Basic lime marmalade has only three ingredients: lime, water and sugar. I read several recipes and landed on the following formula for about 1 liter of marmalade.

  • 8 limes
  • 3.5 cups water
  • 4-5 cups sugar

Start by slicing the limes as thinly as possible. Make an effort not to squeeze out too much juice. A sharp knife helps. Soak the limes in the 3.5 cups of water overnight to remove bitterness.

The next day, put the limes and their water in a pot or large saucepan and bring to a boil. Simmer, covered, until rinds are tender, about 30-45 minutes. I tested my rinds with a fork, and it got me into trouble down the line. Make sure to remove a rind and chew on it. They’re not done until you bite through it easily.

Preheat the oven to 250˚F

Remove from heat and transfer the limes to a bowl using a measuring cup. Measure out one cup of sugar for every cup of lime-water mixture and place the sugar in a baking dish (I used a cake pan). Stick the pan in the oven to heat the sugar. Meanwhile, bring the limes back to a boil. Once at a rolling boil, remove the sugar from the oven and add to the limes. Stir in the sugar with as few strokes as possible, and do not stir again until it has returned to a boil.

At this point, put a couple saucers in the freezer. Let the limes and sugar boil, uncovered, for about ten minutes, then put a spoonful on one of the frozen saucers. Once cooled, the marmalade should be thick. Keep testing every 5 minutes until it has fully jelled (it took me about 20 mins.). At this point you can put the marmalade in sterilized jars. You’re done!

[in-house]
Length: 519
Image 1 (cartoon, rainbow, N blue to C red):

That is, unless you undercooked the rinds, as I did. After 40 minutes of simmering the lime rinds, they were easily pierced with a fork, and I called it a day. When I spread some marmalade on toast later that night, they were too tough to chew. I was not happy.

This evening, I found a lovely solution. I placed the open jar of marmalade in a small saucepan of boiling water to melt the jelly. I then forced the marmalade through a sieve with a rubber spatula. The result, a lime sauce that was AMAZING over ice cream. Also good on toast.  So, all is not lost, but next time I will simmer those rinds more thoroughly!

This recipe is for straight up lime marmalade, but you could blend different citrus fruits or even add mint. Does anyone have other ideas for lime marmalade?

Stanky Legg Sliders

June 5, 2009

Even on vacation the Houseboy does not rest. We’ve been to several restaurants here in the British Virgin Islands, and on the whole, they are overpriced and mediocre. We have a kitchen and have been putting it to good use. Most of the food here is imported and expensive, but there are a few things that are abundant and cheap in the BVI, plantains, avocados and rum among them.

We were riding in the car and listening to the radio… we heard there is a Stanky Legg Party somewhere in the islands this weekend. This inspired our dinner creation, the Stanky Legg Slider.


Do the Stanky Legg!

Do the Stanky Legg!

That’s a beef patty topped with Jack cheese, plantains (sautéed in butter), avocado and a squeeze of lime. As we are in the BRITISH Virgin Islands, the only thing that could hold the Stanky Leggz together is an English  muffin.

It was an experiment, but we LOVED them. And that’s not just the Dark and Stormy talking.